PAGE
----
Thursday, July 5, 2012

July 5, 2012

Norquist: Obamacare is Obamatax
from Washington Times, LLC
July 5, 2012

It’s official: Obamacare is Obamatax. The Supreme Court saved Obamacare but at the expense of exposing it as simply a massive collection of taxes - 20 taxes at least. Obamacare was supposed to reduce the cost of health insurance but it has six taxes on Americans who already have health insurance. Your insurance will cost more to pay Mr. Obama’s tax hikes.

Obamacare was supposed to “bend the cost curve down” but it has a tax on medical devices. What medical devices? Braces for your kids. A stent for your heart. A wheelchair. All the cool stuff you see in hospitals will now cost more in order to pay Mr. Obama’s tax on medical devices.

Obamacare has a tax on lifesaving drugs. Great - now our drugs will cost more. Obamacare raises taxes on making new drugs by $2.3 billion a year. And you will pay it.

Obamacare promised that you would be able to keep your insurance. Not if you have a Health Savings Account - that is hit with new tax penalties. Just try and buy over-the-counter nonprescription drugs pre-tax with your HSA - not anymore. Your Flexible Spending Account is now going to be taxed so that parents who use these insurance accounts to take care of special-needs children will find part of their own life savings taxed away to Washington. And if you have insurance that Washington bureaucrats have decided on your behalf is too good, then you pay part of the $32 billion Mr. Obama is adding in new taxes on those with “too much, too good” health insurance.

Obamacare even has a tax on charitable hospitals.

Seven of the Obamacare taxes directly hit middle-income Americans. So much for Mr. Obama’s promise to never raise “any form” of tax on anyone earning less than $250,000.

Read more: Norquist: Obamacare Is Obama Tax

GPS Hyjacking: Team of U.S. Faculty and Students Take Control of Drone
July 5, 2012

Faculty and students at the University of Texas at Austin have proven that a sophisticated surveillance drone can be hacked mid-flight via its GPS. The same could be done with virtually any type of drone, or even with a commercial airliner.

Drones, or UAVs (unmanned aerial vehicles), are used both domestically — particularly along our southern border — and by the military and the CIA abroad, especially in Afghanistan, Pakistan, and elsewhere. Last week, a small team of faculty and students was able to take control of a Department of Homeland Security drone by “spoofing” its GPS. They did what the Iranians appear to have done last December when they gained control over a U.S. Air Force RQ-170 stealth UAV and landed it in Kashmar, Iran. The Iranians then put the RQ-170 aircraft, with a damaged underside and repaired wing, on display. It seems that the Iranian pilot/operators were less than familiar with the airplane’s flight envelope and landing procedures than the UTA group, but still they managed to take control of it and to get it down on the ground relatively intact.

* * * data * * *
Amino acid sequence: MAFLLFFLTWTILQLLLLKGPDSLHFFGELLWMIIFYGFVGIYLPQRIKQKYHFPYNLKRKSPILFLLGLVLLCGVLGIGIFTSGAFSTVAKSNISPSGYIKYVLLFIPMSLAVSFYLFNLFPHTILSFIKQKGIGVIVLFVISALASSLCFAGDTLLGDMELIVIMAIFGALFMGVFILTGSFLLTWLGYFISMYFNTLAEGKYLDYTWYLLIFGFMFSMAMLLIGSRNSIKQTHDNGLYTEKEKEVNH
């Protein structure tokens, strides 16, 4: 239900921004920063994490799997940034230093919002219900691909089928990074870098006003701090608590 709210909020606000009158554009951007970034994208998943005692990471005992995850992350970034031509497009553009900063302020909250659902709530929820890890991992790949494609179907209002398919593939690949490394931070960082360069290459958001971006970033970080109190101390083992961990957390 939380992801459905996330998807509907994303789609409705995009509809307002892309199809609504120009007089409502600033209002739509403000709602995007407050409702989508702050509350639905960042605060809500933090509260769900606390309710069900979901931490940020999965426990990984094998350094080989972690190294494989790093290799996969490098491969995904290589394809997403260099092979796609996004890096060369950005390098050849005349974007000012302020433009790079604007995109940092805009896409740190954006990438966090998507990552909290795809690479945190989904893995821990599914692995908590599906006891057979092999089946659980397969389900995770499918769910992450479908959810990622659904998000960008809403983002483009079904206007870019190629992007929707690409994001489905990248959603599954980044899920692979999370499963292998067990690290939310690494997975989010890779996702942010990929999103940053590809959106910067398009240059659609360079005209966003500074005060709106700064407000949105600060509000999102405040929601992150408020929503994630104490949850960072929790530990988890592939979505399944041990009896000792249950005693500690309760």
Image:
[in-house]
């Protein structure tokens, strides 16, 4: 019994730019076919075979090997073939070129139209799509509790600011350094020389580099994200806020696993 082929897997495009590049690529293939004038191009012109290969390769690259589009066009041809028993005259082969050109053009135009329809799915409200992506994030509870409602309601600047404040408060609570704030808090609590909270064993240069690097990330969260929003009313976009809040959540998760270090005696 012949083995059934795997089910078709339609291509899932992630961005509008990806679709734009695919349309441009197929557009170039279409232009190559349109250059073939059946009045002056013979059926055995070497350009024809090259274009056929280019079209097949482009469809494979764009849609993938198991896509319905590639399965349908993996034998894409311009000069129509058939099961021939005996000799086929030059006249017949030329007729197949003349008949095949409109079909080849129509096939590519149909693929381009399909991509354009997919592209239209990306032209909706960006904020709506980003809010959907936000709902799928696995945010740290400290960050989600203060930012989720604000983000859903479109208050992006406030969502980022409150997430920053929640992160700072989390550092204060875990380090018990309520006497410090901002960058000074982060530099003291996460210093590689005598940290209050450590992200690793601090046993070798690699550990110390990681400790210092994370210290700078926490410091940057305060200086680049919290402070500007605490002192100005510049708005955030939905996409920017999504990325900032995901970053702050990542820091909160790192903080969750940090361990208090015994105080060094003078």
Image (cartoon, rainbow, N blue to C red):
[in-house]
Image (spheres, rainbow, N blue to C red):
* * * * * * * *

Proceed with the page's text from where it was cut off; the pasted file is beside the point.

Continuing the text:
Can Cruz Pull It Off?
By Katrina Trinko
July 5, 2012

If Ted Cruz is going to win the runoff for the Republican nomination for Texas’s open Senate seat, he needs a low turnout — or a way to change the momentum in the race.

Among Lone Star politicos, the consensus is that it will be hard for Cruz, the underdog in popular support and funds, to beat Lieutenant Governor David Dewhurst. In the primary election, Cruz succeeded in forcing Dewhurst into a runoff — but he also trailed Dewhurst by eleven points.

So far, the pace of the runoff race has proved sluggish. A June 22 debate offered a chance for the first true sparks to fly. But thanks partially to the debate’s timing (Friday night), it had little impact. The next — and likely last — debate will be held on Tuesday, July 17.

“Pretty much the status quo has been maintained, which I think is a good thing for Dewhurst,” says Mark P. Jones, a political-science professor at Rice University. “Cruz hasn’t been able to do anything to weaken support for Dewhurst.” Also, Dewhurst is still running ads — albeit not as many as he ran right before the election — while Cruz is almost “absent from paid media,” Jones comments.

Furthermore, supporters of the primary’s third-place finisher, former Dallas mayor Tom Leppert, who garnered 13 percent of the vote, are considered likely to either not vote or back Dewhurst. A poll by Public Policy Polling in late May found that “Leppert voters prefer Dewhurst over Cruz by a 77–13 margin.” On the other hand, Matt Mackowiak, a Texas Republican strategist who supports Cruz, speculates that unless Leppert endorses Dewhurst — which he hasn’t done so far, perhaps because of the attacks the Dewhurst campaign made on him toward the end of the primary — his supporters may be more inclined to tune out than to pull the lever for Dewhurst.

The Cruz campaign remains optimistic, citing the enthusiasm for Cruz at the Texas GOP convention in June. Rick Perry was booed by some in the audience when he praised Dewhurst, whom he has endorsed.

Cruz’s endorsements, too, could help make his case to conservative voters: They include heavyweights ranging from Jim DeMint to Pat Toomey to Rand Paul. “And those are the guys who are fighting tooth and nail every day to limit the size of government, and to stop the bailouts and the debt-ceiling increases and the earmarks and the spending gimmicks,” says Cruz campaign manager John Drogin. “Ted’s going to go up there and fight with those guys. Dewhurst is going to go along to get along, and compromise.”

Furthermore, the final eleven-point gap between Cruz and Dewhurst doesn’t tell the full story. In the early voting, Cruz lagged by 18 points, but enthusiasm in the late stages allowed him to catch up. By the time the votes were counted, Dewhurst’s percentage of support was four points lower than it had been during early voting.

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